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Russell v. Board of Public Education of the School District of Pittsburgh

March 11, 2009

JAMES T. RUSSELL, PLAINTIFF,
v.
BOARD OF PUBLIC EDUCATION OF THE SCHOOL DISTRICT OF PITTSBURGH, DEFENDANT.



The opinion of the court was delivered by: Terrence F. McVerry, Judge United States District Court

MEMORANDUM ORDER OF COURT

Presently before the Court are the following Motions in Limine:

(1) PLAINTIFF'S MOTION IN LIMINE 1: CALCULATION OF BACK PAY, with brief in support (Document Nos. 46 and 47), and the Reply and brief filed by Defendant (Document Nos. 65 and 66);

(2) PLAINTIFF'S MOTION IN LIMINE 2: OFFSET TO BACK PAY, with brief in support (Document Nos. 49 and 50), and the Reply and brief filed by Defendant (Document Nos. 67 and 68); and

(3) DEFENDANT'S MOTION IN LIMINE NO. 2: EXCLUSION OF IMPROPER EVIDENCE OF ECONOMIC/WAGE LOSS, with brief in support (Document Nos. 53 and 55), and the Response filed by the Plaintiff (Document No. 74).

The Court will address the Motions in combination, as they may all be addressed through the Court's determination of the Plaintiff's back pay award, if any.

I. CALCULATION OF PLAINTIFF'S PROSPECTIVE BACK PAY AWARD

A. Whether Garrett's Supplemental Income through "Moonlighting" should be Considered

Plaintiff argues that an appropriate calculation of his back pay "should be calculated as the difference between Joseph Garrett's base salary and his extra income earned through 'moonlighting' (i.e., his second job) and Plaintiff's base salary plus the extra income he earned through overtime work." (Doc. 47 at 1.) Defendant argues that there is no foundation for the inclusion of Garrett's pay from "moonlighting" since there is no evidence to suggest that at any time during Plaintiff's employment with the School District he had outside employment. Also there is no evidence that the Plaintiff would have obtained outside employment if he had been promoted to Area Commander or the amount(s) he could or would have earned in any such speculative employment. (Doc. 66 at 2.)

The Court finds Plaintiff's argument to be without merit because it is based on the unsupported speculation that Plaintiff would secure outside employment if he had been promoted to Area Commander, since Area Commanders are not eligible for overtime wages. (Doc 46. at 1.) While the record reflects that Garrett supplemented his income through a second job at Presbyterian Hospital during his employment as Area Commander, Garrett also had a long history of "moonlighting" before his promotion to Area Commander. (Doc. 65 at 2.) It is not disputed that Plaintiff regularly worked overtime, but there is no evidence in the record to establish that Plaintiff would have outside employment if promoted to Area Commander or any evidence that Plaintiff previously sought or had such supplemental employment. It is purely speculative as to whether Plaintiff would have "moonlighting" employment, what that employment would be, and what amount(s) could have been earned therefrom.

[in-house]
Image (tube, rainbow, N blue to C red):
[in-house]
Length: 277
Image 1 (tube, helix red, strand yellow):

There may be circumstances in which it would be appropriate for the Court to consider "moonlighting" income in the determination of back pay, as evidenced by the decision of the United States Court of Appeals for the Fifth Circuit in Bing v. Roadway Express, Inc., 485 F.2d 441, 444 (5th Cir. 1973) (remanding to assess whether Plaintiff, who had a history of "moonlighting", would have "moonlighted" during the relevant layoff period). However, the case sub judice does not present the same factual scenario. Without evidence that Plaintiff would have secured outside employment or had a history of "moonlighting," this Court cannot adopt Plaintiff's first proposed model.

B. Whether Plaintiff's Overtime Wages, During the relevant period, Should be Considered "Interim" Earnings and therefore Deducted from Plaintiff's Back Pay Award?

Alternatively, Plaintiff suggests a second method of calculating Plaintiff's back pay award, if any: the back pay should be calculated as the difference between Garrett's base earnings and Plaintiff's base earnings, and not take into account Plaintiff's overtime pay. (Doc. 47 at 6.) Defendant argues that Plaintiff's overtime earnings are considered "interim" earnings and must be deducted from any back pay award to Plaintiff. (Doc. 66 at 3.)

There is clear precedent for the proposition that overtime compensation should not be deducted from a back pay award where the Plaintiff could have earned the compensation even if he had been promoted. See Nordstrom v. National Labor Relations Board, 984 F.2d 479 (D.C. Cir. 1993); Welbern v. Hunt, 929 F.2d 1341 (8th Cir. 1991); Behlar v. Smith, 719 F.2d 950 (8th Cir. 1983); see also Floyd v. Mellon Bank, N.A., 1991 WL 30755 (E.D. Pa. Mar. 6, 1991) (excluding overtime from ...


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